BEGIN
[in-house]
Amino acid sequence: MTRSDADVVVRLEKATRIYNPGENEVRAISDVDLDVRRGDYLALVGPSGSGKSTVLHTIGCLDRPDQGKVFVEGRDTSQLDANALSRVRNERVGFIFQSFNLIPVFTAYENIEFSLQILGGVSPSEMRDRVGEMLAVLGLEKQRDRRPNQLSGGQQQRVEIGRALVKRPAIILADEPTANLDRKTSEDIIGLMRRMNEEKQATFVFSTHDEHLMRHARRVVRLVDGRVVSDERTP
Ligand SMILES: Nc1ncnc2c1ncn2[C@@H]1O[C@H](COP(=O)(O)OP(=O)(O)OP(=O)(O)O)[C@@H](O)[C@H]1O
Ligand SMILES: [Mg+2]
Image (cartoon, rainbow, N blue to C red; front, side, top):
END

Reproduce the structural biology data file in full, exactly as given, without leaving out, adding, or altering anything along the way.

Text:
[in-house]
Amino acid sequence: MTRSDADVVVRLEKATRIYNPGENEVRAISDVDLDVRRGDYLALVGPSGSGKSTVLHTIGCLDRPDQGKVFVEGRDTSQLDANALSRVRNERVGFIFQSFNLIPVFTAYENIEFSLQILGGVSPSEMRDRVGEMLAVLGLEKQRDRRPNQLSGGQQQRVEIGRALVKRPAIILADEPTANLDRKTSEDIIGLMRRMNEEKQATFVFSTHDEHLMRHARRVVRLVDGRVVSDERTP
Ligand SMILES: Nc1ncnc2c1ncn2[C@@H]1O[C@H](COP(=O)(O)OP(=O)(O)OP(=O)(O)O)[C@@H](O)[C@H]1O
Ligand SMILES: [Mg+2]
Image (cartoon, rainbow, N blue to C red; front, side, top):